One of the most difficult situations a business lawyer encounters is when a client wants to enter into a deal or relationship that the lawyer believes is a bad one for more than purely legal reasons. After all, the most beneficial and rewarding attorney-client relationships are those where the client views the attorney as not only a legal advisor, but also as a member of the strategic/management team and a trusted confidante. As such, the lawyer is faced with a dilemma – advise the client of the concerns and the reasons for them (which can be risky for the relationship), or simply go along with the client’s wishes and execute the deal while, of course, protecting the client as much as possible. This situation is fresh in my mind, as I have dealt with it in the past week.
In reality, while I agree this is a challenging situation, the appropriate course of action is relatively clear. In my opinion, the lawyer should absolutely share his/her concerns with the client and the basis for them. This should not be done subtly or for the mere purpose of covering the lawyer’s backside in the event the deal or relationship ends badly – rather, it should be done so that the client is fully informed of the attorney’s concerns and can carefully consider them.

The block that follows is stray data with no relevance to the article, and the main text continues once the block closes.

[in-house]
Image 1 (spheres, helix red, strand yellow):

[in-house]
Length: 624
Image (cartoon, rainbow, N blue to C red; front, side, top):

Once the attorney has advised the client of his concerns comes the next step – what if the client wants to proceed with the deal anyway? I’ve found that different lawyers take different positions in this situation, but my position is clear – so long as the client’s position is fully legal and ethical and the client is fully informed, my job is to make the deal happen and protect the client as much as possible. After all, it’s the client’s ideas, creativity, risk tolerance and ultimately money that have allowed the client to be successful and that are at risk in any business deal – not mine. Just like the customer is always right, the client is always the one who should make the final decision and bear the final responsibility for a business deal. My job is to advise, inform, protect and execute.